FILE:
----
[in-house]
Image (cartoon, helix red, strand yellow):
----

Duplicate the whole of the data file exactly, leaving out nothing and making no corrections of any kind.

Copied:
[in-house]
Image (cartoon, helix red, strand yellow):